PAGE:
Font Size
A
A
A

Helping Your Adolescent Develop a Healthy Body Image


Helping Your Adolescent Develop a Healthy Body Image

Adolescents often become extremely concerned about their bodies and their weight, which is understandable since dramatic physical changes are occurring. These concerns are compounded by unrealistic media images of the ideal teen body. In part because of these stresses, eating disorders, such as anorexia nervosa and bulimia nervosa, are common in teen girls and young women. Likewise, children who are overweight may be shunned by their peers and may develop low self-esteem.

How you talk about your child's body has a big impact on your child's self-image. No matter what your child's weight is, avoid talking in terms of your child's weight. Instead, talk in terms of your child's health, activity level, and other healthy lifestyle choices.

If you are concerned about your child's weight or body mass index (BMI), talk to your child's doctor. BMI is a number based on a person's weight and height. It is a way to estimate the effect of weight on health.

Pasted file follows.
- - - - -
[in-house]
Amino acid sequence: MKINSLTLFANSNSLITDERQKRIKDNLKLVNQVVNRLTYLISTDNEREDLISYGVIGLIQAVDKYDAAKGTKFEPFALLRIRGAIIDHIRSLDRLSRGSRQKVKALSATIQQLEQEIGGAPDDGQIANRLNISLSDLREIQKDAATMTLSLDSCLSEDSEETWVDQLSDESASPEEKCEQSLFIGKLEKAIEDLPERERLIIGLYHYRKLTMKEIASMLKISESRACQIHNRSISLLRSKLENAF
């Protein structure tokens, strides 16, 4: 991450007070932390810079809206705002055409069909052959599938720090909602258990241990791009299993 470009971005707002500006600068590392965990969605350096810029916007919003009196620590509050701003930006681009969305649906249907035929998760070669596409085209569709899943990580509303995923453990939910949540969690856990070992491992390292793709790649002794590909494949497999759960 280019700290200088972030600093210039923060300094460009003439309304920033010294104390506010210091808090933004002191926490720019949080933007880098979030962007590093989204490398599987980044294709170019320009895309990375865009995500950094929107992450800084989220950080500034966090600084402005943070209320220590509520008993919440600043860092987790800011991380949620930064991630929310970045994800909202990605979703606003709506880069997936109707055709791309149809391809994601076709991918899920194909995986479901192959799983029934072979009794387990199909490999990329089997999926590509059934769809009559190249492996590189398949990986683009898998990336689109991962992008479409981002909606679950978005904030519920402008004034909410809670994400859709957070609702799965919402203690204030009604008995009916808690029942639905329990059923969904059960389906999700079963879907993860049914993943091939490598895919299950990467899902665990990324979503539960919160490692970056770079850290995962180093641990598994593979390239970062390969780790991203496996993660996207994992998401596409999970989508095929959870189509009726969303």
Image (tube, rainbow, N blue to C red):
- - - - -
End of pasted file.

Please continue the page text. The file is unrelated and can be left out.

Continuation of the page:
In your home, you can promote healthy eating and exercise as lifelong pursuits. You can involve your children in making healthy meals, for example. Modeling good eating and exercise habits may be one of the best ways to promote a healthy lifestyle. Setting up too many rules can lead to useless conflict.

Here are some healthy eating tips:

  • Limit foods that contain oils, fats, and sweets.
  • Eat a variety of foods.
  • Drink fat-free or low-fat milk. Drink water instead of calorie-laden soda pop.
  • Eat more vegetables, fruits, and grains.
  • Limit the amount of salt and sugar you add to your food. Avoid eating cereals with added sugar. Eat less candy and other sweets.

Dieting during the teen years requires special attention. Most doctors recommend that overweight teens increase physical exercise, change unhealthy eating behaviors, and let growth catch up to weight.

For more information on eating habits, see the topics Healthy Eating for Children and Weight Management.

For information on eating disorders, see the topics Anorexia Nervosa, Binge Eating Disorder, and Bulimia Nervosa.

Credits

ByHealthwise Staff
Primary Medical ReviewerSusan C. Kim, MD - Pediatrics
Specialist Medical ReviewerThomas Emmett Francoeur, MD, MDCM, CSPQ, FRCPC - Pediatrics
Last RevisedJuly 19, 2011

eMedicineHealth Medical Reference from Healthwise

This information does not replace the advice of a doctor. Healthwise disclaims any warranty or liability for your use of this information. Your use of this information means that you agree to the Terms of Use. How this information was developed to help you make better health decisions.

To learn more visit Healthwise.org

© 1995-2012 Healthwise, Incorporated. Healthwise, Healthwise for every health decision, and the Healthwise logo are trademarks of Healthwise, Incorporated.





Medical Dictionary